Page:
Update on My Work in Progress

I’m kicking myself, as writers often do. Actually, in every profession I’ve been in to date, there were times when I kicked myself. Typically, the problem has been that I’ve put put off doing something that I knew needed to be done. And that is where I am on my current work-in-progress, the sequel to Lead Me Home. I’ve procrastinated until I can’t procrastinate any more.

I have been editing the manuscript for my sequel and discussing this draft with my critique partners. We just finished going through the current draft. Most scenes are in decent shape, and I like how the characters have developed. My dialogue is getting tighter, and my descriptions add texture.

But I’ve finally done what I knew needed to be done—what I should have done two drafts ago. I’ve reviewed the manuscript with a calendar for 1848-1850 in hand, checking the dates when each event in the novel takes place, to see whether the timeline meshes.

calendar sample 20160515_133252

Sample page of my 1848 calendar

And I’ve found gaps and inconsistencies.

This novel’s plot is much more complex than the plot in Lead Me Home, which progressed day by day along the Oregon Trail. The sequel takes place over almost three years, and has two separate story lines that weave together at various points. I have to deal with long-distance communications in an era before telegrams and telephones, when even letters took weeks or months to arrive at their destinations. (I won’t tell you any more, to avoid spoilers.)

During my several drafts of this book, I have made adjustments in the timeline to mesh with historical events and the seasons of the year. But I discovered I didn’t adjust all the dates, and some inconsistencies have crept in. For example, I found a sea voyage that is supposed to take eight to ten days, but last more than three weeks in my current draft.

Sigh.

A friend asked me the other night how my novel was coming along. My reply contained the words “stupid book”. She looked at me in askance, and said, “But isn’t it a labor of love?”

Well, yes.

But not always.

Kind of like kids and pets. We love ’em to pieces, and they still drive us crazy.

I’m at the crazy stage in this book.

The good news is that I’ve been writing long enough now that I know I can get through this. I know what has to be done, and I know how to do it. One word at a time, one page at a time, the novel will come together. In fact, I’ve already plugged one of the biggest plot holes.

The bad news is that I know how much work it will take in the next few months.

Nevertheless, I still plan to publish it by the end of the year.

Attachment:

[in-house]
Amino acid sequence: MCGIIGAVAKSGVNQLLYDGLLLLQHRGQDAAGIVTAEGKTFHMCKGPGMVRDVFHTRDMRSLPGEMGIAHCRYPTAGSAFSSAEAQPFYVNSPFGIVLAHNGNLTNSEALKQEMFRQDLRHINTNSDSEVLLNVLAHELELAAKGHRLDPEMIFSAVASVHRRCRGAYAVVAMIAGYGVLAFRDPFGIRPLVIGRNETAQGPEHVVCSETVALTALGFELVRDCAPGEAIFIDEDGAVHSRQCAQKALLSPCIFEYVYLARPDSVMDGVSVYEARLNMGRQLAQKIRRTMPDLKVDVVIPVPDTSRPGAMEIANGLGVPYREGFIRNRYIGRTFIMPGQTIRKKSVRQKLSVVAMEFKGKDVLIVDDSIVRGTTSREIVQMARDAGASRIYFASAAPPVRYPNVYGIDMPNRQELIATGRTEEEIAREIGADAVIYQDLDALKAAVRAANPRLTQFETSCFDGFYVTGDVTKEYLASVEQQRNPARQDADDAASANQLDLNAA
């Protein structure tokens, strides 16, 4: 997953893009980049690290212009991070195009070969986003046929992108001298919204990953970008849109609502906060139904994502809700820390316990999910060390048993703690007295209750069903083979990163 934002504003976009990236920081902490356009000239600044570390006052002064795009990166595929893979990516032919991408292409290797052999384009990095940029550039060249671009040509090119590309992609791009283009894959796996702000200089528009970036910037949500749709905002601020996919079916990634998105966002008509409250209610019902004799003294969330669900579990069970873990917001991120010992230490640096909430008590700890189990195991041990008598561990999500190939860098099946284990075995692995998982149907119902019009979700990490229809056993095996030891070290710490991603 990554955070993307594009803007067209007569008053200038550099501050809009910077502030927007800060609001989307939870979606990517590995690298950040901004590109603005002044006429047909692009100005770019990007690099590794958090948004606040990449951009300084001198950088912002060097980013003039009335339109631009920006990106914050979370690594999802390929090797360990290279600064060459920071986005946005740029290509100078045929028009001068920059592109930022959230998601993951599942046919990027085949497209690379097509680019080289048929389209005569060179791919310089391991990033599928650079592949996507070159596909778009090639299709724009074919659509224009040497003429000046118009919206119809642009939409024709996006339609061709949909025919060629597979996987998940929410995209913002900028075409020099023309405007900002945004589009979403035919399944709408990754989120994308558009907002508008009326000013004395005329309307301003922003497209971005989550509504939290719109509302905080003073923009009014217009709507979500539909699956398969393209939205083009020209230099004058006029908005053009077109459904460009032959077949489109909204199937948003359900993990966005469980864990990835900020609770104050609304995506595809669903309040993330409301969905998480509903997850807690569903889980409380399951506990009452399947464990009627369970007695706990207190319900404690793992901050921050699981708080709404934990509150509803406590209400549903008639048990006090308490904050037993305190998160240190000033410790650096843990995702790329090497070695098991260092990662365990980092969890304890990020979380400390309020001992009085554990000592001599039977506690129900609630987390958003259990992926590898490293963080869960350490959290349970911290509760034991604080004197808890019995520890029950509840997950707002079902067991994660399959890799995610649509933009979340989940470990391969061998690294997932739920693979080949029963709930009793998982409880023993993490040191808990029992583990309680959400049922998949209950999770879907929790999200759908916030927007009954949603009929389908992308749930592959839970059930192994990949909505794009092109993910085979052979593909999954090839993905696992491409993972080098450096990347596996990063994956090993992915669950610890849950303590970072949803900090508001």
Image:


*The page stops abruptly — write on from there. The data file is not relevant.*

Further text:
God willing and the creek don’t rise. Which sounds like something one of my characters might say.

When have you procrastinated? (Don’t we all?)

Posted in Writing and tagged , , , , , , .

0 Comments

  1. God willing and the creeks don’t rise is a saying I grew up with and still use from time to time. That’s how it is with farmer stock — you never grow out of being a farmer. 🙂

  2. God willing and the creeks don’t rise is a saying I grew up with and still use from time to time. That’s how it is with farmer stock — you never grow out of being a farmer. 🙂

  3. I have no doubt that you’ll get it done, Theresa. One thing I’ve discovered is I must have a deadline, whether from my publisher or one that’s self-imposed, otherwise I tend to flounder.

    • Yes, deadlines are important. I set goals for every two week period and track my progress. I don’t always make these self-imposed goals, but they help me break up the monumental task of finishing a novel into manageable chunks.
      Thanks for the comment, Jill.
      Theresa

  4. I have no doubt that you’ll get it done, Theresa. One thing I’ve discovered is I must have a deadline, whether from my publisher or one that’s self-imposed, otherwise I tend to flounder.

    • Yes, deadlines are important. I set goals for every two week period and track my progress. I don’t always make these self-imposed goals, but they help me break up the monumental task of finishing a novel into manageable chunks.
      Thanks for the comment, Jill.
      Theresa

  5. “The devil’s in the details,” is another saying to describe this point, but knowing you, you’ll come through victorious. Keep pumpin’ Theresa. The world is waiting for your next book!

  6. “The devil’s in the details,” is another saying to describe this point, but knowing you, you’ll come through victorious. Keep pumpin’ Theresa. The world is waiting for your next book!

  7. Thanks for sharing your journey as a writer. I had no idea! Thanks for persevering. I loved the first book and am looking forward to the second. One of my favorite sayings is ‘ you know you’ve enjoyed a book when you finish it and miss the characters!’ That is definitely the case for me with Lead Me Home!

  8. Thanks for sharing your journey as a writer. I had no idea! Thanks for persevering. I loved the first book and am looking forward to the second. One of my favorite sayings is ‘ you know you’ve enjoyed a book when you finish it and miss the characters!’ That is definitely the case for me with Lead Me Home!

Leave a Reply